An investigation by the Scottish Public Services Ombudsman (SPSO), a government watchdog that holds local authorities to account, upheld complaints made about the region’s health board and issued recommendations.
The patient – referred to only as ‘A’ in a newly-published report – was diagnosed with a lung infection during a consultation with an out-of-hours GP from the unscheduled care service operated by NHS Lothian.
After being told the infection could be treated with Co-amoxiclav, a type of antibiotic, the visiting doctor realised they were not carrying the medication in their vehicle.
The Ombudsman found the GP “had attended the consultation without a prescription pad.”
The report stated the practitioner “subsequently arranged for A’s prescription to be faxed to a pharmacy on their return to base to be provided to A the next day”.
However, the following day was a public holiday and the pharmacy was closed —resulting in a 48-hour wait for the patient to receive the emergency medication.
NHS Lothian subsequently apologised for the “distress that this had caused A and their family” and said it “could not explain why the GP had attended without a prescription pad”.
Staff were reminded “to ensure that prescription pads were checked prior to carrying out home visits and that prescriptions were only faxed to pharmacies that could provide medication in a timely manner”.
But the SPSO said this reminder was “insufficient to ensure that a similar occurrence did not happen again.”
The health board also confirmed that it was in the process of “developing a checklist system and a written policy and protocol specifying the checks that staff were required to complete at the start of each shift prior to commencing home visits”, which the ombudsman said was “likely to be appropriate to address the issues arising in this case”.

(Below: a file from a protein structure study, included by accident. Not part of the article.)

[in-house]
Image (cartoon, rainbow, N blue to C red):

The SPSO added: “We took independent advice from a GP. We found that it had been unreasonable for the GP to attend the consultation without a prescription pad and to fail to ensure that the antibiotics A required were available to them sooner based on A’s presentation at consultation.”
Summing up, the watchdog ruled A – who has since passed away – was not provided with “reasonable care and treatment” and ordered NHS Lothian to issue an apology to their child, who made the complaint.
It said in future, out-of-hours GPs “should be in possession of all required equipment prior to the commencement of each shift”.
The health board has been asked to provide the ombudsman with evidence that it has implemented the recommendations.
Jenny Long, Primary Care Director, NHS Lothian, said: “I would like to publicly repeat the apology we made to the family of A for the failings in this case.
“We have accepted the report from the Ombudsman and we are taking the recommendations seriously.
“As part of that we have already put a new policy and protocol in place as well as a checklist system to ensure something similar does not happen again.”